Environmental Conservation

Papers

Ecosystem model predictions of fishery and conservation trade-offs resulting from marine protected areas in the East China Sea

HONG JIANGa1, HE-QIN CHENGa1 c1, WILLIAM J.F. LE QUESNEa2, HAI-GEN XUa3, JUN WUa3, HUI DINGa3 and FRANCISCO ARREGUÍN-SÁNCHEZa4

a1 State Key Laboratory of Estuarine and Coastal Research, East China Normal University, 3663 North Zhongshan Road, Shanghai, China 200062

a2 School of Marine Science and Technology, University of Newcastle, Ridley Building, Newcastle upon Tyne NE1 7RU, UK

a3 Nanjing Institute of Environmental Sciences, State Environmental Protection Administration of China, 8 Jiangwangmiao Street, Nanjing, China 210042

a4 Centro Interdisciplinario de Ciencias Marinas del IPN, Apdo Postal 592, La Paz, 23000, Baja California Sur, México

SUMMARY

The East China Sea (ECS) supports a highly productive fishery and is rich in biodiversity, but economic development in China and peripheral countries has led to intensifying anthropogenic impacts in the ECS. In response to this the Chinese government has introduced a range of marine spatial management measures. A spatial ecosystem model (Ecospace) of the ECS was developed to examine (1) the likely nature of trade-offs between fishery and conservation goals resulting from the marine protected areas (MPAs) and (2) possible trade-offs within the fishery sector resulting from the MPAs. The results suggest that overall the fishery has benefited from all of the simulated MPAs, whereas, although they defy categorical interpretation, effects of the MPAs on biodiversity and ecosystem structure are variable. Simultaneous application of several metrics of ecosystem status indicates that the perceived effect of an MPA on ecosystem status can depend on which metrics for ecosystem status are used, and how these metrics are interpreted. The simulations indicate that a fisheries and conservation outcome beneficial to all is possible, but not guaranteed, with the creation of an MPA. Total landings and profitability are predicted to have increased as a result of each of the MPAs, albeit at the cost of reduced landings and profits to some sectors of the fishery. This study demonstrates the benefits of the additional information relating to biodiversity, ecosystem structure and within fishery dynamics available from spatial ecosystem models compared to the single species models typically used to examine MPA effects. However, the use of a more complex ecosystem model introduces additional uncertainty in model interpretation.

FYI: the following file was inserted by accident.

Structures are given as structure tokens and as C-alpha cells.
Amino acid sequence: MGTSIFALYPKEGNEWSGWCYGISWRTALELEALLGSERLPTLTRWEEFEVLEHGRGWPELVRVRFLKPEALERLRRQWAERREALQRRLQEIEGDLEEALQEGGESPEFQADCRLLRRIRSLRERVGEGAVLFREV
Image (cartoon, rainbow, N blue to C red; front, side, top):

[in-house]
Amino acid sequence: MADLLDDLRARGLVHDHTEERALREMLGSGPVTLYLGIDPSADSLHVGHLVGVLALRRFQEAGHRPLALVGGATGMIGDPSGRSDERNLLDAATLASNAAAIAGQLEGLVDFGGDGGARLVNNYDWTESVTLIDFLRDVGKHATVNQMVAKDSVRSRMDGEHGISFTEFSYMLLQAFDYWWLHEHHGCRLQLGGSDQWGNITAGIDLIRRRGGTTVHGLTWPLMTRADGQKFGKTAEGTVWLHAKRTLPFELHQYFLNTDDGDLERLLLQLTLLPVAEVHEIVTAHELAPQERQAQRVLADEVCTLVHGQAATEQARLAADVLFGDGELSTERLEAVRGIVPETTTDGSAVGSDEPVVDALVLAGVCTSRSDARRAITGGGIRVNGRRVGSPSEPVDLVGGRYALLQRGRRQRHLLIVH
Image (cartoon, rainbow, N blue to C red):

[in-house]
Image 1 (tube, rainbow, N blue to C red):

(Received January 14 2008)

(Accepted May 19 2008)

Correspondence

c1 Correspondence: Dr He-Qin Cheng e-mail-hqch@sklec.ecnu.edu.cn